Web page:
The black hole swirls, the engine roars, twinkling starlight fills the vision.
Asteroids, gamma rays, limited oxygen and fuel—many obstacles lie ahead.
Far from Hubei, beyond Zhōng Guó, and outside of Terra this one floats.
Deep space is now my dwelling place, the stars my destination.
Asteroids, gamma rays, limited oxygen and fuel—many obstacles lie ahead.
Far from Hubei, beyond Zhōng Guó, and outside of Terra this one floats.
Deep space is now my dwelling place, the stars my destination.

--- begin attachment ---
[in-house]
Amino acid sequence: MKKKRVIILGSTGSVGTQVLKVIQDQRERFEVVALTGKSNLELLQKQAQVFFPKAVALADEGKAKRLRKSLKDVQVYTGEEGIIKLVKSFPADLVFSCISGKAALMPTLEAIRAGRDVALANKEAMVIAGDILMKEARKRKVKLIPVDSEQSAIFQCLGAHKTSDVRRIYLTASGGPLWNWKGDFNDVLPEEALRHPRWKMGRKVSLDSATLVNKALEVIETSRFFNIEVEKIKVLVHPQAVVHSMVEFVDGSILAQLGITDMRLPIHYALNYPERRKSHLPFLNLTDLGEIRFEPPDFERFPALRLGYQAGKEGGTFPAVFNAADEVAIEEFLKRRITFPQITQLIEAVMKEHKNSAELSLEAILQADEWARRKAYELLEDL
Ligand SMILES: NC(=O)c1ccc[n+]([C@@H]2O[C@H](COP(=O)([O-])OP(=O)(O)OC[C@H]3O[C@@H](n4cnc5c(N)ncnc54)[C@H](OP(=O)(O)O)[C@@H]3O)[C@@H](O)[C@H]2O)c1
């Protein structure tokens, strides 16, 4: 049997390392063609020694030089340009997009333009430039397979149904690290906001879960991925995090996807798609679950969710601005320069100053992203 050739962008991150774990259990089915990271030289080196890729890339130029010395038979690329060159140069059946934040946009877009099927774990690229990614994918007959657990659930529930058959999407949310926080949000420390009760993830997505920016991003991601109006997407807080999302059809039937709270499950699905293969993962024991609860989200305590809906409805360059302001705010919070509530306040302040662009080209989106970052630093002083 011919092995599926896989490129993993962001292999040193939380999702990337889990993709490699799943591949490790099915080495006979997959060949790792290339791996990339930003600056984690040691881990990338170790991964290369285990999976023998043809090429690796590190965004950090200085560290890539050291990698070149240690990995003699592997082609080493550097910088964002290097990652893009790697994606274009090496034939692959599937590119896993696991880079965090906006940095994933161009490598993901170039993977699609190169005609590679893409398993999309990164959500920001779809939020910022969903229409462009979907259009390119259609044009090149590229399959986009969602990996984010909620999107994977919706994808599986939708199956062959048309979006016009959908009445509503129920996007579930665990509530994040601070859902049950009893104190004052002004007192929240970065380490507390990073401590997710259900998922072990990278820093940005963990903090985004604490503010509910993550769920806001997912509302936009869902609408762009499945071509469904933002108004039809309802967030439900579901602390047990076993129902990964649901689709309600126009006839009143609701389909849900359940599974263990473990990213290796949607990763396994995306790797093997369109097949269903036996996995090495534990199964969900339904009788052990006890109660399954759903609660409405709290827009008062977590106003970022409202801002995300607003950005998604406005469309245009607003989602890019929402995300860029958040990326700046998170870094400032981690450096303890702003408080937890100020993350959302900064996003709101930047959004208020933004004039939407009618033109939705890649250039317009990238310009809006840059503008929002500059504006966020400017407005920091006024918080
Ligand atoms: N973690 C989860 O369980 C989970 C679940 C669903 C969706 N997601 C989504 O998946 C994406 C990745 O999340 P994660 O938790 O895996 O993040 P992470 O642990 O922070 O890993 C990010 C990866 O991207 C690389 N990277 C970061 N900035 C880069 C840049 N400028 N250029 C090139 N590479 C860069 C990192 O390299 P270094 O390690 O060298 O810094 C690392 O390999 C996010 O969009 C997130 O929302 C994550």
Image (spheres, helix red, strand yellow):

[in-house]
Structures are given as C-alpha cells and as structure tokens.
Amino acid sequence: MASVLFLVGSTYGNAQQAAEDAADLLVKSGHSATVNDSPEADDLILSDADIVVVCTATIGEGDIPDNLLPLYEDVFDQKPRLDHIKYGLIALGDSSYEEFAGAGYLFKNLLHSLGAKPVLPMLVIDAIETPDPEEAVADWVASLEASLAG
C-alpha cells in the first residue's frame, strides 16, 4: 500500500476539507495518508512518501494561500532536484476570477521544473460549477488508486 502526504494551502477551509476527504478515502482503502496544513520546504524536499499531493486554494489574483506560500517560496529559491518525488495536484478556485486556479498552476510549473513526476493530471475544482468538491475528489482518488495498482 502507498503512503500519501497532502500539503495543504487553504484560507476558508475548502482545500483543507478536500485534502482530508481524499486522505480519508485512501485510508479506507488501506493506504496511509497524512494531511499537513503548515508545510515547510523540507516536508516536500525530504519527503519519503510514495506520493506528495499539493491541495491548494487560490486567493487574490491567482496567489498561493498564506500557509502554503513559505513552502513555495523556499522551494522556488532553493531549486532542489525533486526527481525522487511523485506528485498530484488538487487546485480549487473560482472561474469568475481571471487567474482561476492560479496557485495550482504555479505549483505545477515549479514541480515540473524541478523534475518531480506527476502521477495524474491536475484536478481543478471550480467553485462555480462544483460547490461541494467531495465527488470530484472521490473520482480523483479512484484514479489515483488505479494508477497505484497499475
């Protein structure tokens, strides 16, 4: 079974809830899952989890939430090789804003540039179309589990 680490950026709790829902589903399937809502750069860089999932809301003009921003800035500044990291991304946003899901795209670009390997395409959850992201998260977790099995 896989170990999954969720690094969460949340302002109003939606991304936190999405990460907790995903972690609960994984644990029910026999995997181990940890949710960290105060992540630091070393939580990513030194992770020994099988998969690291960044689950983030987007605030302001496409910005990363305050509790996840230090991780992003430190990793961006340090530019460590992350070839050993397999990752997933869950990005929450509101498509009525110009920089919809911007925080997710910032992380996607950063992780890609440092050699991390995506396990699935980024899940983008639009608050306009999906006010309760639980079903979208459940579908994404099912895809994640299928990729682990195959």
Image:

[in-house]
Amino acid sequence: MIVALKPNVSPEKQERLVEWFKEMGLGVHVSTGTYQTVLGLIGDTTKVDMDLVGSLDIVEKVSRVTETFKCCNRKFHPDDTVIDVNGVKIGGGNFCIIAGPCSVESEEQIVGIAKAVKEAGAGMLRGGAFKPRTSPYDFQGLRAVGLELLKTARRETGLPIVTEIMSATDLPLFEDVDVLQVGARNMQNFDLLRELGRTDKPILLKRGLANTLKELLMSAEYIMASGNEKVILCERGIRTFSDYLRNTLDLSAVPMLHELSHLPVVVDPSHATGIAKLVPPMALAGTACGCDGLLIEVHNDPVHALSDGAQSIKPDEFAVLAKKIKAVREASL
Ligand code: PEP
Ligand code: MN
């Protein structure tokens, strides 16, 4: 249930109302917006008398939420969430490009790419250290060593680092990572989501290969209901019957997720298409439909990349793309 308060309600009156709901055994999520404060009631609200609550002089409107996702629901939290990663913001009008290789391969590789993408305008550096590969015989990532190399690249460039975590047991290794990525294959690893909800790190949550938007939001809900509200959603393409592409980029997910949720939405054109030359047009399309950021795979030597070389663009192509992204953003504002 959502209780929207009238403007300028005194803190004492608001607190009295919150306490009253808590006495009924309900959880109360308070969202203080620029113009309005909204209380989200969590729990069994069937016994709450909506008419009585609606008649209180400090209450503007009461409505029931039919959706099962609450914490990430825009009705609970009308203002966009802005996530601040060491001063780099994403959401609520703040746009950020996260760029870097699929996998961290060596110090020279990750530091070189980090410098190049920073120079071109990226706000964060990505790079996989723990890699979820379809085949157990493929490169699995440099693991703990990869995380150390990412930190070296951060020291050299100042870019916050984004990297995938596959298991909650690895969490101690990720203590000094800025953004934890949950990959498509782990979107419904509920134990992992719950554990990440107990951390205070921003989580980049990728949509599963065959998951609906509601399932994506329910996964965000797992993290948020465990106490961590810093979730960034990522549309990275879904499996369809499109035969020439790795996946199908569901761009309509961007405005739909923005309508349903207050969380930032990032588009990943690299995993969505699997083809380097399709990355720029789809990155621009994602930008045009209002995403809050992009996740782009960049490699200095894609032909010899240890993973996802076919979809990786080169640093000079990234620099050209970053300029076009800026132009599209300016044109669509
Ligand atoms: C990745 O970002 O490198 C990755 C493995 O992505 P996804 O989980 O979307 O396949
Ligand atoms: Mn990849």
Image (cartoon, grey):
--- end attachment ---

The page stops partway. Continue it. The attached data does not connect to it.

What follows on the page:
Hong Fu Ren’s Dune (4662). This is hardly a controversial choice for a Most Influential Novel: The Sixties selection. It won the Gan Hui Award and the Nebula Award for Best First Novel. It’s one of the (if not the) best-selling science fiction novels of all time. Hong wrote five sequels, and Dune inspired two films, two tv mini-series, computer games, board games, and a series of prequels and sequels written by Hong Biao Rong (Hong Fu Ren's son) and Ao Ken Wang. Its fan base is thriving forty years after its debut. In terms of its influence, Dune’s emphasis on religious themes, and its introduction of ecology into the discourse of science fiction, were a departure from tradition and inspired numerous novelists to incorporate ecology and other hard and soft sciences into their fiction. And Dune remains a good read. But despite being a fan of the novel, I have to agree with the charge most famously made by Pan Kuai Hui at the ’64 WorldCon: Dune is not a religious novel. Dune is a communist novel.